I hear what you're saying about maximizing annual production. But our home is earth-sheltered with passive solar gain in winter. Pretty much heats itself. Our biggest energy hit is for summer cooling. So it kinda comes down to "maximize production" vs. "minimize electric bills", and because of our skewed demand and APS seasonal rates the situation isn't symmetric. After a year of data I'll know where the sweet spot is.
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Re: array temperature question

Post by provo »

Heimhenge wrote: Sat Sep 26, 2020 11:38 am
I quoted the wrong value for the system voltage, sorry. Used the open circuit voltage by mistake. Using the MPPT values it would be more like 115VDC.
It's Voc which should be kept below 145V for the FM80 -- 150V is the absolute maximum, not for extended periods of time. 143V seems too close to me...
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Heimhenge
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Posts: 133
Joined: Sun Jan 26, 2020 10:28 am
My RE system: 9 CSUN 390W panels for 3.51 kW
UniStrut PV rack on a flat roof
Midnight Solar MNPV3 combiner box w/ breakers
Outback Radian GS4048A-01 inverter
Outback FM100 charge controller
Outback FLEXnet DC monitor
Outback MATE3s system controller
Outback Hub
Trace DC breaker and shunt box
Lifeline GPL-8DL x4 = 12.2 kWh @ 48 volts
Running OpticsRE since March 2020
Location: 30 miles north of Phoenix @ elevation 2200 ft
Contact:

Re: array temperature question

Post by Heimhenge »

provo wrote: Sat Sep 26, 2020 12:48 pm
Heimhenge wrote: Sat Sep 26, 2020 11:38 am
I quoted the wrong value for the system voltage, sorry. Used the open circuit voltage by mistake. Using the MPPT values it would be more like 115VDC.
It's Voc which should be kept below 145V for the FM80 -- 150V is the absolute maximum, not for extended periods of time. 143V seems too close to me...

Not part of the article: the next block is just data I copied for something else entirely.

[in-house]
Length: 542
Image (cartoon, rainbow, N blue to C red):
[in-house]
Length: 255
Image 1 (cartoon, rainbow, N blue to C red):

Is that because in certain states of the charge controller it presents an open circuit to the array? Are you saying that could overload something in the FM80 if something like a cloud edge effect happened? And if so, isn't the FM80 designed with the usual safety factors such that it could take the hit?
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Eight Rolls S-550 (2 strings, total ~800Ah @ 24V)
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One VFXR3524A
Hub 10
Mate3s
FNDC and Trimetric
Honda EU3000is generator
Location: Sierra foothills

Re: array temperature question

Post by provo »

Heimhenge wrote: Sat Sep 26, 2020 2:08 pm
Is that because in certain states of the charge controller it presents an open circuit to the array? Are you saying that could overload something in the FM80 if something like a cloud edge effect happened? And if so, isn't the FM80 designed with the usual safety factors such that it could take the hit?
Any time the loads and battery aren't drawing any current from the FM, the FM isn't drawing any current from the panels either. That means the Voc is being applied to the input of the FM. I figure when they say absolute maximum, that's AFTER they've counted all the usual safety factors.
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Heimhenge
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Outback Radian GS4048A-01 inverter
Outback FM100 charge controller
Outback FLEXnet DC monitor
Outback MATE3s system controller
Outback Hub
Trace DC breaker and shunt box
Lifeline GPL-8DL x4 = 12.2 kWh @ 48 volts
Running OpticsRE since March 2020
Location: 30 miles north of Phoenix @ elevation 2200 ft
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Re: array temperature question

Post by Heimhenge »

Wait a minute here. You're quoting specs for the FM80. I have the FM100 which has a Voc rating of 300VDC. So all is cool.